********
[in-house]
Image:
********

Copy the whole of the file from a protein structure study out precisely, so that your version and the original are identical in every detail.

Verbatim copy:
[in-house]
Image: